His family in Germany, from whom Martin did not accept any help during his mania, as had happened 10 years earlier, was completely in shock after receiving the terrible news. In addition to the sadness and helplessness over Martin’s death, there was a mountain of tasks to be faced. Customers whose licenses were about to expire sought contact via all possible channels and wanted to know what was going to happen. Silke remembers those days: “We sat in Martin’s father’s house in despair, discussing how to proceed. It was clear to everybody that Martin had left a tremendous legacy and there was a great sense of responsibility towards customers and users. However, it was also clear that Martin’s family would not continue to run the company. When I finally said I didn’t know how, but I would do it, I heard the heavy stone rolling away. This process had elements of déjà vu compared to 11 years ago, but the difference was that this time it was terrifyingly final.”
Silke had endured a difficult time herself. Her beloved father, whose carer she had been for two and a half years, had died of leukemia shortly before Martin’s death. In addition, she was a newcomer to the lidar industry and had to start from scratch. Martin had left no instructions—there were only a few folders of old receipts together with Martin’s computers and hard drives, which Martin’s father and his wife checked for relevant content. Fortunately, Silke’s partner, a successful entrepreneur with an extensive network, was able to pull a contact person out of the hat for almost every task. Another source of support in those early days was Howard Butler. Silke elaborated: “Since it was the only name I could remember from Martin’s professional contacts of ten years ago, I googled Howard and contacted him shortly after Martin’s death. Having no idea about lidar made me feel like an idiot in the presence of specialists, but Howard patiently answered all my questions. Fortunately, I learn quickly and I haven‘t doubted or regretted my decision for a second. It would be a shame not to continue Martin’s impressive legacy. Unfortunately, that’s the last thing I can do for him.”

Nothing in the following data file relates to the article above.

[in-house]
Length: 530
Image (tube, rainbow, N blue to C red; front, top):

rapidlasso today—fast tools to catch reality
Howard Butler explained8, “By constructing out-of-core techniques for processing large geometry data collections, Martin was able to demonstrate memory-efficient tools to chew through the oncoming rush of lidar data captures beginning to appear for natural science and morphological uses.”
The rapidlasso portfolio consists of three product lines, LAStools, BLAST and LASzip.
LAStools, the flagship product, is a collection of highly efficient, batch-scriptable, multicore command-line tools for processing point clouds. It includes more than 50 tools to classify, convert, filter, raster, triangulate, contour, clip, and polygonize lidar data—to name just some. All tools can be run from the command line via a native GUI or via toolboxes (e.g. QGIS, ArcGIS, FME, ERDAS IMAGINE).